Even before yesterday's election win of the Greek left, when it became obvious that the incumbent prime minister Antonis Samaras (Nea Dimokratia) would not be reelected, the consequences of a government led by Alexis Tsipras (Syriza) were speculated in politics and the media. The predictions swung from sinking to salvation. Both of them share the expectation of a change in the financial and economical course that currently forces Greece and its southern European neighbours to make savings, a policy which is also known under the term of austerity. The Scottish economist Prof Dr Mark Blyth recently wrote a controversial book on austerity politics which he considers as a failure. We asked him our questions.
"Debt may be 'Schuld' in German, but it's 'belief' in Italian and 'faith' in English"
Interview with Mark Blyth on the historical origins and current politics of austerity
Schon vor dem Wahlsieg der griechischen Linken Ende Januar 2015, als sich abzeichnete, dass der bisherige Ministerpräsident Antonis Samaras (Nea Demokratia) nicht wiedergewählt wird, wurde in Politik und Medien über die Folgen einer Regierung unter Alexis Tsipras (Syriza) spekuliert. Die Vorhersagen reichten von Untergangsszenarien bis zu Erlösungshoffnungen. Gemeinsam haben sie die Erwartung einer Abkehr vom bisherigen finanz- und wirtschaftpolitischen Kurs, der Griechenland und seine südeuropäischen Nachbarn vor allem zum Sparen zwingt und der unter dem Begriff Austerität bekannt ist. Der schottische Wirtschaftswissenschaftler Prof. Dr. Mark Blyth der Brown University in Provodence (Rhode Island, USA) hat unlängst ein kontroverses Buch über Austeritätspolitik verfasst, die er als gescheitert betrachtet. Wir haben ihm dazu unsere Fragen gestellt.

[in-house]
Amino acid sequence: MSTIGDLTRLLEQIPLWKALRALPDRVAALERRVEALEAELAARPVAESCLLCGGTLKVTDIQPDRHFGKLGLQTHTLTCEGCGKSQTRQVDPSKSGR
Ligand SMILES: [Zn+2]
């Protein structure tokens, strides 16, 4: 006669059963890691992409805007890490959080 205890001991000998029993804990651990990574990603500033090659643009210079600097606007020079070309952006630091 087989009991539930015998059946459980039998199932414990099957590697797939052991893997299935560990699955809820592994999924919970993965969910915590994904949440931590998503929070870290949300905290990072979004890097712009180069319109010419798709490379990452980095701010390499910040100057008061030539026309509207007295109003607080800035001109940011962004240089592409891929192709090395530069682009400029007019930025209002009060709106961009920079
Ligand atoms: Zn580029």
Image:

"If we all save and don't spend, all at the same time, our economy shrinks"
L.I.S.A.: Professor Blyth, you wrote a book about austerity and its history. The title of the German version is: “Wie Europa sich kaputtspart” which basically means: How Europe destroys itself by its saving policy. What is wrong with the politics of saving money?
Prof. Blyth: It's not the politics. It's the practice. When any one person, or firm, or state saves, that's individually rational. But if we all do it at once, that's collectively suicidal. Someone has to spend for there to be an income generated from which someone else can save. If we all save at once, especially in an environment of indebtedness, the our collective balance sheet of spending and saving (our economy) moves to a position where everyone is trying to run a surplus. That's mathematically impossible. For a surplus to exist somewhere there has to be a deficit somewhere else such that it all sums to zero. Moreover, if we all save and don't spend, all at the same time, our economy shrinks and the same amount of debt (the numerator) gets bigger as the denominator (the economy) shrinks.